When getting started, accept almost every voice over assignment people offer you (except pornographic or illegal work).
24. Take Care of Your Vocal Health
Your voice is your most valuable asset. Take excellent care of it. Here are some tips to give you an idea:
- Avoid oily and spicy foods.
- Consume cold foods first and hot foods later (ice-creams first, coffees later). Never do the opposite.
- Don’t shout, as it puts extra stress on your vocal cords.
- Don’t whisper because whispering also puts stress on the voice.
Keep your vocal cords in optimal health.
25. Clean Your Throat (At Least Once a Month)
‘Kunjal Kriya’ is a helpful technique to keep the throat clean. Here’s how to do it:
(Note: Do this only in the morning before eating or drinking anything (other than plain water))
Take 4-5 glasses of warm water and add a little salt to it. Sit down with bent knees and drink as much water at once as you can.
Soon, you’ll start feeling like throwing up. When you do, stand up, lean a little forward, insert your index finger and middle finger into your mouth, and touch your throat’s opening.
The water will come out.
You might feel a little pressure on your stomach and chest but don’t worry, that’s normal.
If required, drink some more warm water and repeat. This process cleanses your throat and chest area and helps you get a good throat and a clearer voice.
(Caution: Consult a registered physician or yoga practitioner before attempting).
26. Eat Before You Record
Try to eat a small meal or snack at least 45 to 60 minutes before recording so you can stay energetic during the recording.
Not eating for many hours can make you sluggish and may affect your performance.
Carry some nuts and fruits with you, so you can at least have something if there’s no food available at the right time. (Avoid oily food and sweet dishes before recording).
27. Hang Out With Successful Voice-Over Artists
Some voice over artists believe in mediocrity. They’re too lazy to improve their skills, and it’s no wonder they remain in the same place where they were 20 years ago.
But that doesn’t mean you also need to follow in their footsteps. You should avoid such artists as much as you can.
There’s no reason you hang out with such losers; instead, always look for ways to hang out with in-demand voice-over artists.
Successful people are not successful by chance. They are successful because they do things differently.
As an aspiring voice-over artist, you must learn the secrets to staying ahead and hanging out with the leading voice over artists should be on the top of your list.
28. Turn Down Work Once in a While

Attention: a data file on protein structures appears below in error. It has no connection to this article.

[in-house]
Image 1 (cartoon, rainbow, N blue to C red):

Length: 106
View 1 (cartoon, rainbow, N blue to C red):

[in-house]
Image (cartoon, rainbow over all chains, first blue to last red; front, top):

The busy voice-over artists are most likely to get hired again and again. Their ‘busyness’ sends a message that they’re the most sought-after artists.
How do you do that? By turning down work once in a while.
Let’s say you get a call for a low-budget project. Turn down the request stating you’re unavailable at that budget.
Doing so once in a while will spread the word that you are busy and in demand.
Be careful not to overdo it, though.
29. Maintain a Diary
In the beginning, you may be able to land 1 or 2 voice over projects per week. As your expertise and market value increase, you may start getting 10-20 projects per week.
When things get busy, you must respect both others’ and your time. And for that to happen, don’t trust your memory. Instead, maintain a diary.
Note down all your recordings with days, dates, and timings. It’s a practical method to keep track of your work.
30. Avoid Gossiping
Negative vibes circulate faster than positive ones. And one such negative thing in the voice over industry is gossiping.
Don’t gossip about fellow voice-over artists, producers, or clients just for the sake of it. If you have an issue with someone, approach the person directly, and clarify. It’s a much better route than gossiping about someone behind his back.
Contacts are the most valuable assets in the voice over industry. Make sure you value yours.
31. Complete the Work and Get the Hell Out
Get in the studio, record your project, and get out.
Don’t indulge in idle talk or time-wasting activities.
When people notice you coming, recording, and leaving the studio on time, they take you as a successful artist, generating more success.
Idle gossip indicates that you don’t have work and that you’re not in demand. And such a signal can ruin your career.
32. Practice Beforehand
Every voice over project is unique—new words, new sentences, new structures, and new expectations.
Make sure you go through the script at least two times before entering the recording booth. Reading the text and practicing at least once will help you speak your lines in a flow.
Faltering and fumbling inside the recording booth is normal, but you can minimize it by practicing well before the session.
33. Be Polite Yet Firm
A producer once tried to pay me 500 rupees less than what we had agreed. He said, “This is our second project together, and you should give me a discount.”
I insisted that I accepted agreed-upon payments only. All deals need to be finalized before the recording, not after. Reluctantly, the client paid in full.
Staying polite yet firm is essential as a voice over artist. Never accept even a single rupee less than you agreed to.
It’s essential to be fair in your financial transactions.
Don’t allow others to cheat you.
When you make a deal, stick to it.
34. Develop Relationships
Successful voice-over artists develop relationships because they know that money is the by-product of healthy professional relations.
Strive to develop harmonious relations with your clients and producers.
Money is a part of business, not business itself.
A business thrives on relations.
35. No More than 3-4 Recordings Per Day
You need to keep an eye on the voice-over recordings you schedule each day. Your vocal cords have limitations; they also need rest.
As a rule of thumb, try not to keep more than 3-4 recordings per day. Ideally, your day should end with your 4th recording.